One of the most pleasurable threads running through Silvia Moreno-Garcia’s Mexican Gothic is that the book’s heroine, Noemí Taboada, can be in the throes of spooky secrets and acutely in danger and still take a moment to consider her outfit.
For example: “Noemí changed into a polka-dot day dress with a square neck. She had misplaced the matching bolero jacket and really she ought to have been wearing gloves with it, but their location being what it was, it was not as if a little faux pas like that would be noticed and make it into the society pages.”
Or: “Noemí applied lipstick and lined her eyes with a little black pencil. She knew her large, dark eyes and her generous lips were her greatest assets, and she used them to excellent effect. She took her time going through her clothes and picked a purple acetate taffeta dress with a full pleated skirt. It was too fine to be worn as a day dress—she had rung in 1950 in a similar outfit eight months before—but then she tended toward opulence. Besides, she wanted to defy the gloom around her. She decided that this way her exploration of the house would be more entertaining.”
Or: “It was cold, so she put on her long-sleeved plaid dress with the Peter Pan collar and the matching white cuffs. It was warm enough, even if she had never quite favored plaid. She couldn’t even remember why she’d packed it, but she was glad she had.”
I mention this not because Mexican Gothic is a tour-de-force of 1950s fashion wrapped up in a pretty bow of atmospheric horror, but because these utterly delightful episodes feel so authentic to Noemí, a determined and more-than-capable heroine who just happens to also care about looking good. And I absolutely loved her for it.
Mexican Gothic starts with many of the same trappings of the classic gothic novel. Noemí’s father gets word that her cousin, Catalina, who recently married the proud but broke Virgil, is faring poorly at her new home. He asks Noemí to go check on Catalina to see if the new wife is truly in dire straits or if she’s merely being hysterical—there’s no point, he says, in submitting to the scandal of a divorce unless Virgil is truly a brute. Noemí declines until her father makes her a tantalizing offer: sort the situation out and he will let her go to the National University, rather than the Feminine University of Mexico to which she has limited.
Noemí wants a master’s degree and getting it at National University would be a dream come true. How much trouble could the trip to visit Catalina be with that kind of prize waiting at the end?
She leaves Mexico City for the boondocks and runs into complications almost immediately, chiefly in the form of Virgil and the rest of the limited population of the family manor, High Place. Catalina is so ill, Noemí is told, that she cannot receive visitors except for Virgil’s aunt, Florence, and the strange Dr. Campbell. Yet when Noemí finally does get to see her cousin, Catalina appears to be fine—more or less.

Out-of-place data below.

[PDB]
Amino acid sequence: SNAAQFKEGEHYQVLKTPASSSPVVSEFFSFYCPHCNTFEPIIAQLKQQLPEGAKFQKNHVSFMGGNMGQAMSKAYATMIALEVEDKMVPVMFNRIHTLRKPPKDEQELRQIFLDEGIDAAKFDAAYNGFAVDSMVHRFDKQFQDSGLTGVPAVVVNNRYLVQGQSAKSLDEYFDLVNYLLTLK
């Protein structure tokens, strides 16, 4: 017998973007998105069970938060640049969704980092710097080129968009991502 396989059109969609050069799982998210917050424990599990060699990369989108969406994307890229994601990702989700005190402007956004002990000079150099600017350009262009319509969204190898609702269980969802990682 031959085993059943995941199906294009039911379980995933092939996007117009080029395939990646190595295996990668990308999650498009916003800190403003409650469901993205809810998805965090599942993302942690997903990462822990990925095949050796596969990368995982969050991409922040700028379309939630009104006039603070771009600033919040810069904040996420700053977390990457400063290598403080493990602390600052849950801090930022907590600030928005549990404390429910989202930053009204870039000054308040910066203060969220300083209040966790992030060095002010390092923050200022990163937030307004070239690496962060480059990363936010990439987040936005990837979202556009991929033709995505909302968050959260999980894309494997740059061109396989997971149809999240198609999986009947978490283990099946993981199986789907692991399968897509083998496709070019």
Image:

But Noemí is not so easily dissuaded, not with the eerie atmosphere of the house closing in around them and the promise of National University when she returns home. So she presses on. But soon she, too, begins to feel ill. She sees things that might not be there; she dreams of strange and wicked things that seem to tell her things she could not possibly know on her own. And when the mystery is finally revealed, it’s nothing that she—or the reader—could have ever predicted.
This is, clearly, a dark book (surprise, surprise). The secrets Noemí finds out before uncovering the ultimate mystery of High Place include mass deaths of workers in a mine owned by Virgil’s family and a multi-murder/suicide at the hands of one of the family members that isn’t all that it seems. There’s the increasing threat of sexual assault; there’s prolonged talk of eugenics. And the, of course, there’s the more literal horror lurking beneath it all, not to mention and the proverbial madwoman in the attic (except this one’s [spoiler redacted] and [spoiler redacted]). But it also beckons you onward, page by page, until you understand just how Catalina—and perhaps Noemí—could get trapped in High Place’s walls.
In fiction, there’s a lot of talk about what makes a good character, or what makes a character likeable. I’m not sure Noemí is likeable, per se. She’s forceful; she clearly doesn’t care what anyone thinks, including the reader. She’s a little selfish and more than a little vain. If I were looking at her as a character, I think I would have struggled to follow her. It’s good, then, that Noemí doesn’t feel like a character at all, but a person who knows her mind and is determined to cut through layers of obfuscation and the familial equivalent of red tape to get it. And as that person, I loved her. I cheered for her. I leaned away from the book when she made contentious choices, and hunched over closer when the strange phenomenon within the house started to affect her.
From the moment I cracked the book open on a weekend morning to when I reached The End far too late at night, I could not take my eyes away from Noemí or High Place. I wouldn’t be surprised if you couldn’t, either.
(And when you do read Mexican Gothic, don’t miss out on this playlist courtesy of Moreno-Garcia and Random House.)